• A Muslim printer refusing a contract requiring the printing of cartoons of the Prophet Mohammed
• An atheist web designer refusing to design a website presenting as scientific fact the claim that God made the world in six days
• A T-shirt company owned by lesbians declining to print T-shirts with a message describing gay marriage as an “abomination”
• A printing company run by Roman Catholics declining an order to produce adverts calling for abortion on demand to be legalized
The Christian Institute who are supporting the Asher case have stated that they can only lose if the discrimination law is not applied correctly, and free speech under article 10 of the European Convention on Human Rights is not applied.
The scenarios do offer understanding as to why the Asher case should be dismissed. However, it appears to be traditional/Christian values which are the softer target, and are at the main crux of a plan which is designed to undermine society and destroy freedom of speech, conscience, and truth.
It will be interesting to watch the outcome of the case.
Butter or Margarine
As we watch with interest the outcome of the Asher case, and all others like it; many of us will be put in similar situations, whether in our family life or the workplace. We will have to cleave to the truth of our conscience, or compromise to a lie. It can be a frightening place to be for many people, because of the consequence of loss.
Butter or Margarine is a humorous attempt at distinguishing between the genuine and the false, but nonetheless, what we believe in our souls is very important, and leads us to life or death of our spirit.
How can you tell it’s not butter?
The process for change in society is to use psychological subversion techniques. Many false preachers, teachers and politicians use this technique, and we experience it all the time, sometimes not being fully aware of what is happening. We just sense something is wrong. The process can have a seductive quality about it.
The recipe is to firstly demoralise and then destabilise society. The destabilisation stage is when a nation’s institutions/belief system’s are undermined and weakened.
This is currently being experienced in the UK. A revolutionary period of inward/outward conflict can then follow. We compromise, conform, or speak up against pressure. When completely broken down there comes a ‘normalization’ phase, and a new belief system implanted.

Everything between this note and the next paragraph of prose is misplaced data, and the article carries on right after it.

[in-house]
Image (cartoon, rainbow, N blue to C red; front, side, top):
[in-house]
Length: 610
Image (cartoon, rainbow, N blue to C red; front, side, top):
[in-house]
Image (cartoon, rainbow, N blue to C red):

Daniel McArthur knows the difference
The butter test for Christians is the bible and their faith. However, if you love the truth, you will always know in your heart what is right and what is wrong. Many people who have different beliefs, when faced with a crisis have come to see the truth themselves in a wordless way. They can be shocking, yet liberating revelations.
We can take courage we are never alone when we live according to our conscience.
faces avalanche of cases if Ashers loses
2 - ‘MEPs should protect religious freedom in light of Ashers’
3 - Christian bakery owner who refused to make cake for gay marriage faces legal action after refusing to back down over demand for ‘damages.
4 - Dolce and Gabbana counter Elton John's call to boycott fashion designers over IVF baby comments...
© 2014 Shirley Edwards - All Rights Reserve
Shirley Edwards was born and lives in Great Britain. She has always worked in administration, but has also taught and studied complimentary health. In administrative roles, she has worked within The Church of England. She also worked for some years as a volunteer within the hospice movement.
Shirley has an interest in all health issues, loves the British countryside, and enjoys writing. She is thankful for talk radio and loves listening.
Shirley has always been concerned about the loss of freedoms in her country, and also the demise of America, a country she loves for the original reasons on which it was founded. She believes in the Pursuit of Genuine Happiness.